While cooking, listen to this: Sweet Potato Pie - Ray Charles & James Taylor
I've always been told that my eating habits are a little weird. I tend to eat small meals throughout the day (more time spent eating is always a plus in my book, anyway), eat little bits of things instead of one big item, like a sandwich or something, and I take really small bites. Like, really small. I can work at a croissant for three hours - I've timed myself, it's a personal record.
All of this is to say that eating out with friends, or just ordering in, can be a bit of a challenge because I like to eat in a very specific way. An ideal meal for me would include, say, some mashed avocado, cucumbers, cheddar slices, hearts of palm, triscuits and grapes. Just a ton of bits on a plate. Lucky for me, a friend I met in rabbinical school loves to eat this way as well, so for dinners together we put lots of veggies and dips on a board and go to town. Usually a cocktail is thrown in there, too.
Key to these dinners is dessert - we both love to cook, so we're constantly trying new things in the kitchen. We also both love ice cream almost as much as we love our boyfriends, so evenings usually end drunkenly with an empty container of Talenti (we are nothing if not classy). So, one day we decided to make cranberry curd to put on top of some vanilla ice cream - I found this recipe from The New York Times and just paid attention to the curd portion. It was SO unreal, like we actually couldn't believe how good it was. And we weren't even that drunk!
Thanksgiving is literally tomorrow, but in the blog world it feels like it's been Thanksgiving for WEEKS. Alyssa and I have been thinking about recipes for what seems like a year - we've already covered some buttery, carby sides, and now we're ready for some dessert. Thinking back to the cranberry curd I made, I figured it was time to complete the original recipe, which calls for pouring it into a roasted hazelnut crust and baking it into a tart. Like, hello, how amazing does that sound.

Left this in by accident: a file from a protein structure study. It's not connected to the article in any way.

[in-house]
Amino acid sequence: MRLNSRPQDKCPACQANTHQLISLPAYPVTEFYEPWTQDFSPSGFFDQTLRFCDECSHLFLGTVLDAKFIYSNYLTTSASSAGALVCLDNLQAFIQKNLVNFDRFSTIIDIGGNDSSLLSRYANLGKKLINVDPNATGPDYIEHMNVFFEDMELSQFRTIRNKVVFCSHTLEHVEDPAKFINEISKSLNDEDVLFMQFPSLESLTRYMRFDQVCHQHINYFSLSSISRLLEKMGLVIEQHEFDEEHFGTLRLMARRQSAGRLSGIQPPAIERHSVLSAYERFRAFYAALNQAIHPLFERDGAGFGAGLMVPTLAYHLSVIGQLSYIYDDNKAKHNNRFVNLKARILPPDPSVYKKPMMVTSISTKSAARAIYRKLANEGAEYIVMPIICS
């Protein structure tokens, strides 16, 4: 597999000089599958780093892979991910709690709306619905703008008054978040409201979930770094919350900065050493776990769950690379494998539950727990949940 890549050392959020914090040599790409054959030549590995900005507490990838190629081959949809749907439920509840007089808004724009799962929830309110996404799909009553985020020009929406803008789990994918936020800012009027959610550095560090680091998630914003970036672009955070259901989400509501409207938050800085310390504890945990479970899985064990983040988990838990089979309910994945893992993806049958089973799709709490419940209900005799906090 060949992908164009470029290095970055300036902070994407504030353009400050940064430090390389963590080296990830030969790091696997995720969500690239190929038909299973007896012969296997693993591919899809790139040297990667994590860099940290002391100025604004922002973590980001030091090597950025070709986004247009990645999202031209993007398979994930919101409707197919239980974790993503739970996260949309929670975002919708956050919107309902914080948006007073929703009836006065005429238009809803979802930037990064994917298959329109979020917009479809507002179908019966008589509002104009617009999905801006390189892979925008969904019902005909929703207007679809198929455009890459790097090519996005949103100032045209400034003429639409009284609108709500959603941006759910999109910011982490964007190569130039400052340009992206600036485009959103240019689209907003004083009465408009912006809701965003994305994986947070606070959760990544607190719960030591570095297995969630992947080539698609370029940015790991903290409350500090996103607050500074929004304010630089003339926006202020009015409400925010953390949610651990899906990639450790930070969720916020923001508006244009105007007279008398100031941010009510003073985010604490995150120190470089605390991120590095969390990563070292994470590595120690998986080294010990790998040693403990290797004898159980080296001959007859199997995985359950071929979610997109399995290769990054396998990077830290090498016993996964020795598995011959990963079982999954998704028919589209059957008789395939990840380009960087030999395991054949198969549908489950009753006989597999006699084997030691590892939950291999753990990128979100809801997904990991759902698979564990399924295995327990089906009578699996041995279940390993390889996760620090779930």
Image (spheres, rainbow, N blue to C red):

Roasting the hazelnuts will make your house smell the way I imagine that tree full of cookie elves smells. It only takes about 15 minutes, and it'll make the tart all the more flavorful. The cranberry curd will continue to make your house smell amazing, and you will feel like a boss chef for making something that seems difficult but is actually quite easy to make - it just requires a careful eye and some practice. A note about the curd, though - this happened to me when I made the curd alone, and when I made the tart. At first, the cranberry liquid is a gorgeous jewel tone, but with the addition of eggs and butter it goes from beautiful to a slightly nauseating shade. I've read comments online about how to get around this, but I ended up just adding a few drops of red food coloring to get the cranberry color back. If you aren't into food dyes, which I totally get, you can try using a teeny bit of beet juice, or maybe this color doesn't bother you and you don't need to add anything.
Alright, here is where I get a bit woo-woo: totally unoriginal thought, but it really does feel like the world is crashing around us. The sheer amount of madness circulating through the news is disorienting, and it can be really fucking hard to see anything remotely positive. Alyssa is the optimist in our work relationship, with me being what I'd like to think is a realist but is probably at least semi-cynic, so while I would like to say that Thanksgiving this year feels erroneous because everything is awful and Thanksgiving is actually a pretty problematic holiday, what I'm going to say is that, horrific holiday history aside, it feels important to recognize and take stock of the good in our lives. Maybe that's really hard to do - maybe it feels like there isn't anything good, and maybe there isn't, but there is a strange beauty in being grateful for really tiny things, like, say, a morning cup of coffee, or corgis, or being able to get out of bed. In a world that appears to be crumbling, this is the stuff that will keep it from disintegrating completely. This is the good stuff.
Okay, ex-rabbinical student tangent over. My wish for you this holiday season is to be surrounded by people who make you feel loved, who make you feel your best, who embrace your weird eating habits and eat sliced veggies and guac right alongside you. This is the good stuff.
Love and meows, Rina
CRANBERRY CURD TART WITH ROASTED HAZELNUT CRUST
Yield: 8 servings